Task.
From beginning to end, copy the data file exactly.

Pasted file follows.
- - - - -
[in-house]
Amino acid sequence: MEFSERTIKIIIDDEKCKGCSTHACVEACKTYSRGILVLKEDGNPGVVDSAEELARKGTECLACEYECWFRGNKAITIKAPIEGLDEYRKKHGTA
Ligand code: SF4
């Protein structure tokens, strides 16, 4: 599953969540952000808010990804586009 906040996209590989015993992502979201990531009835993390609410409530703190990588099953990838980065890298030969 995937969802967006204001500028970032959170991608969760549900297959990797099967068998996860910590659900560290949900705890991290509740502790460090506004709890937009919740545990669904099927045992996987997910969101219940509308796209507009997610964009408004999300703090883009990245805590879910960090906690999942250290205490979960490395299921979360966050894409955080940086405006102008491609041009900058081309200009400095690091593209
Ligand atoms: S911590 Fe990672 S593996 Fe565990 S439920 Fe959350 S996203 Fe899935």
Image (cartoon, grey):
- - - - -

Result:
[in-house]
Amino acid sequence: MEFSERTIKIIIDDEKCKGCSTHACVEACKTYSRGILVLKEDGNPGVVDSAEELARKGTECLACEYECWFRGNKAITIKAPIEGLDEYRKKHGTA
Ligand code: SF4
């Protein structure tokens, strides 16, 4: 599953969540952000808010990804586009 906040996209590989015993992502979201990531009835993390609410409530703190990588099953990838980065890298030969 995937969802967006204001500028970032959170991608969760549900297959990797099967068998996860910590659900560290949900705890991290509740502790460090506004709890937009919740545990669904099927045992996987997910969101219940509308796209507009997610964009408004999300703090883009990245805590879910960090906690999942250290205490979960490395299921979360966050894409955080940086405006102008491609041009900058081309200009400095690091593209
Ligand atoms: S911590 Fe990672 S593996 Fe565990 S439920 Fe959350 S996203 Fe899935």
Image (cartoon, grey):